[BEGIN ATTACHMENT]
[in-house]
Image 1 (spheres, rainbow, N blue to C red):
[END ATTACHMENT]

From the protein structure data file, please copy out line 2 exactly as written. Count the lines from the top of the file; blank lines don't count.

Image 1 (spheres, rainbow, N blue to C red):